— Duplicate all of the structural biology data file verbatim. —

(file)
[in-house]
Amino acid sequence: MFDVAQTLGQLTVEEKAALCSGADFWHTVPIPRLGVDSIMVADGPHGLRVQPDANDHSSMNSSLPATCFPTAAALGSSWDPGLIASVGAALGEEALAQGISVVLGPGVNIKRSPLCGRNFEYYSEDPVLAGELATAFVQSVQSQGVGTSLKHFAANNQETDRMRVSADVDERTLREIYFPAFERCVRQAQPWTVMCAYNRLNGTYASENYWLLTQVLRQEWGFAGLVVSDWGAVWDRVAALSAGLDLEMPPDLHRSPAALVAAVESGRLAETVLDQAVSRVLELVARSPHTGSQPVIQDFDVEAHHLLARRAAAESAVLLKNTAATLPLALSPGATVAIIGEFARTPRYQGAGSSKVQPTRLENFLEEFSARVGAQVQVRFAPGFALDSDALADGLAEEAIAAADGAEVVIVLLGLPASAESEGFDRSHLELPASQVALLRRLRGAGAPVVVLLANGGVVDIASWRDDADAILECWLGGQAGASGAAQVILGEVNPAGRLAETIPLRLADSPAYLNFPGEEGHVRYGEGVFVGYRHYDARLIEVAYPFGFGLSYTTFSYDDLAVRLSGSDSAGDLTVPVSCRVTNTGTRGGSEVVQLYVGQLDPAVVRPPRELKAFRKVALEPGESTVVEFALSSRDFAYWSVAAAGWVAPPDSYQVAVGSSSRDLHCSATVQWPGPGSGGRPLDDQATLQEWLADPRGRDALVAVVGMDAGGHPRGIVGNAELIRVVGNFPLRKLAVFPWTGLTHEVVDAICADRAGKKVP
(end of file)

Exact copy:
[in-house]
Amino acid sequence: MFDVAQTLGQLTVEEKAALCSGADFWHTVPIPRLGVDSIMVADGPHGLRVQPDANDHSSMNSSLPATCFPTAAALGSSWDPGLIASVGAALGEEALAQGISVVLGPGVNIKRSPLCGRNFEYYSEDPVLAGELATAFVQSVQSQGVGTSLKHFAANNQETDRMRVSADVDERTLREIYFPAFERCVRQAQPWTVMCAYNRLNGTYASENYWLLTQVLRQEWGFAGLVVSDWGAVWDRVAALSAGLDLEMPPDLHRSPAALVAAVESGRLAETVLDQAVSRVLELVARSPHTGSQPVIQDFDVEAHHLLARRAAAESAVLLKNTAATLPLALSPGATVAIIGEFARTPRYQGAGSSKVQPTRLENFLEEFSARVGAQVQVRFAPGFALDSDALADGLAEEAIAAADGAEVVIVLLGLPASAESEGFDRSHLELPASQVALLRRLRGAGAPVVVLLANGGVVDIASWRDDADAILECWLGGQAGASGAAQVILGEVNPAGRLAETIPLRLADSPAYLNFPGEEGHVRYGEGVFVGYRHYDARLIEVAYPFGFGLSYTTFSYDDLAVRLSGSDSAGDLTVPVSCRVTNTGTRGGSEVVQLYVGQLDPAVVRPPRELKAFRKVALEPGESTVVEFALSSRDFAYWSVAAAGWVAPPDSYQVAVGSSSRDLHCSATVQWPGPGSGGRPLDDQATLQEWLADPRGRDALVAVVGMDAGGHPRGIVGNAELIRVVGNFPLRKLAVFPWTGLTHEVVDAICADRAGKKVP